The 2014 Winter Olympic Games have reopened the biennial angst about the Olympic movement. While much of the criticism of Russia's president and Sochi's lack of preparation for terrorism and tourists is justified, the Olympic ideal and athletic excellence are reasons enough to welcome the Games.

A plurality (44 percent) of Americans believes it was a "bad decision" to hold the Games in Sochi, according to a new Pew poll. (Only 32 percent think it was a "good decision," while 24 percent "don't know.") While this cynicism is counterintuitive to Olympic internationalism, it's understandable.

Security concerns have been growing along with the region's Islamic insurgency. Russia apparently agrees. The Iron Curtain may have fallen with the breakup of the Soviet Union, but Russia has erected a "ring of steel" around Sochi, with nearly 50,000 security forces dispatched to guard the Games. It's a shame that the specter of terrorism overshadows an event meant to inspire peace, but Russia is not alone in facing extremists. Last Sunday's Super Bowl required extraordinary security measures, too.

Olympic Village preparation is more in Sochi's control, and it is disappointing that despite a reported record investment of nearly $51 billion, workers are scrambling to complete the job. Already, instead of gold medals, brown tap water in the Black Sea resort has become an early symbol of Sochi. Russian President Vladimir Putin, who is using the Games to burnish his global standing, has to hope the competition venues are better prepared.

Sochi's struggles, and continued concerns over preparations for the 2016 Summer Olympics in Rio de Janeiro, perhaps explain why the 2018 Winter Olympics and the 2020 Summer Olympics were awarded to the more secure, sure-footed sites of Pyeongchang, South Korea, and Tokyo, Japan, respectively.

Putin's increasingly repressive regime is another source of concern. He may embrace the Olympic spotlight, but not the values the flame represents. Post-Sochi, he'll likely resume his role as a protector of rogue regimes like Syria's and get back to intimidating former Soviet satellites like Ukraine.

Putin's authoritarian streak isn't reserved for foreign policy. Domestically, he has harassed opponents and created a climate of fear. In particular, his government's harsh anti-gay legislation and rhetoric are being blamed for horrifying harassment, as detailed in a chilling Human Rights Watch report issued this week. More enlightened nations have pushed back, and President Obama was right to send an unmistakable message by designating three openly gay athletes to lead the official U.S. delegation. The world is increasingly split in its treatment of gay, lesbian, bisexual and transgender people, and Russia represents the wrong path.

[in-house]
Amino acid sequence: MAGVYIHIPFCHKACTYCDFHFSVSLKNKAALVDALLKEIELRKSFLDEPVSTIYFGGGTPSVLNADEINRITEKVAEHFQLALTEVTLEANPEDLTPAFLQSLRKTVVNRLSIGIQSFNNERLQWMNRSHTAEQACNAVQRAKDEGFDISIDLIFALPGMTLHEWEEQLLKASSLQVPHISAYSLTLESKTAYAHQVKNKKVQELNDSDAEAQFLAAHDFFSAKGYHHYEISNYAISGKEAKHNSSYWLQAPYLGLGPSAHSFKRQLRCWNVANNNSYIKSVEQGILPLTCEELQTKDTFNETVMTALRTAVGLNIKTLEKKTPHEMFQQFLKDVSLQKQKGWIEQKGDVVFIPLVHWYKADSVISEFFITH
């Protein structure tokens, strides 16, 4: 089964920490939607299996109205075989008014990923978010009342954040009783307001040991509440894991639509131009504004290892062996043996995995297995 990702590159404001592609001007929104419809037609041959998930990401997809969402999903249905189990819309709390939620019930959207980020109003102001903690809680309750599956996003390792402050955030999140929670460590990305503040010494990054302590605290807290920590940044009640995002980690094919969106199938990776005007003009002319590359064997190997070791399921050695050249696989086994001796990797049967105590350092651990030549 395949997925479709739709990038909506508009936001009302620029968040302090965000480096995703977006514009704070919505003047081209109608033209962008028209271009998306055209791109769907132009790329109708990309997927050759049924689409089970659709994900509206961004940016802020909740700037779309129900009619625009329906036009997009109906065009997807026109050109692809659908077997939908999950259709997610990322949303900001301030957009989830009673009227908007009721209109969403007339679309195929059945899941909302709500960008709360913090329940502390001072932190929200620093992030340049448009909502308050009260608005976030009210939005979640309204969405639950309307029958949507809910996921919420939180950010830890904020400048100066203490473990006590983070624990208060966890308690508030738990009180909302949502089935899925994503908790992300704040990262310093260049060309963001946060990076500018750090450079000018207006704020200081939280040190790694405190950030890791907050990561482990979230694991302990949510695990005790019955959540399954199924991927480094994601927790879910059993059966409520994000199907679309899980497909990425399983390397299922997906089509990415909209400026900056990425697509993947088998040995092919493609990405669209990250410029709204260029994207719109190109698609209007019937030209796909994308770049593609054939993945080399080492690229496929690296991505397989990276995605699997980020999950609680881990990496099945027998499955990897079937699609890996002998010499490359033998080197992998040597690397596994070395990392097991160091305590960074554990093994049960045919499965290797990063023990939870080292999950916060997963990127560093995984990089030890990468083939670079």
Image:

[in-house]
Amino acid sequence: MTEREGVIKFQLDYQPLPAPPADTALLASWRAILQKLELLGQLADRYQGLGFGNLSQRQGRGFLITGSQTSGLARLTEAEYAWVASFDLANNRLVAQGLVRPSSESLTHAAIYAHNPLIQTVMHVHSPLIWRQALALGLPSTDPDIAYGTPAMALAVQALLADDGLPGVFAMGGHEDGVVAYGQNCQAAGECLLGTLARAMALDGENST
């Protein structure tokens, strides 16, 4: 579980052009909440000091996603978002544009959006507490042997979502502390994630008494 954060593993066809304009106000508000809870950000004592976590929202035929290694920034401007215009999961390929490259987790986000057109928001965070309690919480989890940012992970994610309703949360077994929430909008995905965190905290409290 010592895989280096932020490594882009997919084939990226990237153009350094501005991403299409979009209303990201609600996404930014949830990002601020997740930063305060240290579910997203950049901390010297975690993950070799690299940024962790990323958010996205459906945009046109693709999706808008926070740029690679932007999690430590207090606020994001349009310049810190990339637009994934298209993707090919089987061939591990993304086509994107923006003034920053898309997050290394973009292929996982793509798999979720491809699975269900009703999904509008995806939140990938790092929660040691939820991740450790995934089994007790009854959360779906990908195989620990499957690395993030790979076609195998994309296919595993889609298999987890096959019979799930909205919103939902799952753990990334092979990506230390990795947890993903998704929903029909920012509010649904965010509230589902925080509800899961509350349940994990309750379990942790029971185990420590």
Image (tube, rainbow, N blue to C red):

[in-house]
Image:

The political pushback was met with a shove by International Olympic Committee President Thomas Bach, who on Tuesday lashed out at leaders who have used the Olympics as a "stage for political dissent or for trying to score points in internal or external political contests."

Bach's wrong. It's the moral responsibility of leaders to criticize repression. And the Olympics were politicized long ago. The IOC should not have awarded Sochi the Games if it required silence from the global community. Besides, Sochi's — and Russia's — persistent problems are already big news in much of the world.

The real challenge is within Russia. Some dissidents, including members of the punk band Pussy Riot who have been freed after spending nearly two years in prison, have urged attendees to speak out against Putin. In a less dysfunctional democracy, a free press would pressure the government. But as detailed in a recently released report from the Committee to Protect Journalists, intimidation has led to journalistic self-censorship.

Of course, it's not the first time that the Olympics have been held in a compromised country. In fact, most nations are closer to Russia than the United States in developing democratic traditions. So it's fortunate that the Olympics have seemingly spurred Putin to ease up on internal repression as the Games drew near.

And it's not fair to associate the athletes with the atmosphere. Sure, the Olympics long ago lost their sheen of amateurism — National Hockey League pros will skate for several national teams, for instance — but there are also many more obscure, albeit elite athletes in sports unfamiliar to many who don't experience northern winters.

Indeed, the Sochi Games are a celebration of winter itself — and an event that should warm even the most frigid of Minnesota winters with pride. At least for a fortnight, it's time to marvel at the competition, cheer for the 27 athletes with ties to this state and hope for a future in Russia that better represents Olympic ideals.